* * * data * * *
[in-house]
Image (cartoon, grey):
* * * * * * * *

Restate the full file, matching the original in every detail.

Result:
[in-house]
Image (cartoon, grey):